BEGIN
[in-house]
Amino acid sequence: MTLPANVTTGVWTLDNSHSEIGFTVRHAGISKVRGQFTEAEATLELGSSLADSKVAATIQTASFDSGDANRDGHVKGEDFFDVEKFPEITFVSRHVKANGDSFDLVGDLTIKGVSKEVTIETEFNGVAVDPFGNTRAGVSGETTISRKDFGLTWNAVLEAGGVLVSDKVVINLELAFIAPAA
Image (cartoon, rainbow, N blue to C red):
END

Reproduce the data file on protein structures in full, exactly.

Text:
[in-house]
Amino acid sequence: MTLPANVTTGVWTLDNSHSEIGFTVRHAGISKVRGQFTEAEATLELGSSLADSKVAATIQTASFDSGDANRDGHVKGEDFFDVEKFPEITFVSRHVKANGDSFDLVGDLTIKGVSKEVTIETEFNGVAVDPFGNTRAGVSGETTISRKDFGLTWNAVLEAGGVLVSDKVVINLELAFIAPAA
Image (cartoon, rainbow, N blue to C red):